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Ever heard Dua Lipa’s New Rules? If yes, now’s the time to implement the song’s message and NOT let him in! Reaching out to them once things are over will put you back into the toxic cycle and honestly, how many times do you want him to tell you that he doesn’t want anything to do with you? Harsh, but that’s what it is. Whether you got closure or not, giving the other person that sadistic satisfaction that you’re yearning for them isn’t helping.

They had their chance with you, and they blew it. Be kind to yourself. Unsend that lowkey-desperate text, don’t go through with that impulsive urge to call, or even better, block their number. What’s meant for you, will come to you.

  • Don’t blame yourself

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It’s common to get into a self-deprecatory mood after a situationship breakup. It can bring up old wounds and feelings of not being ‘good enough’ but know that relationships coming to an end are rarely a reflection of your self-worth. Remember that you too deserve the love and empathy that you’d give someone else going through a similar situation, isn’t it?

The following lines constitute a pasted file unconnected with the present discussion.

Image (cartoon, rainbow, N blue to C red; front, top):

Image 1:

When a person cuts ties with you or ghosts you, it’s mostly because they’re battling their own demons/insecurities, or they simply lack the maturity to be with you. Don’t ever think you’re not enough. You were just entertaining someone who could never handle your beautifully imperfect self.

  • Keep yourself busy

getting over a breakup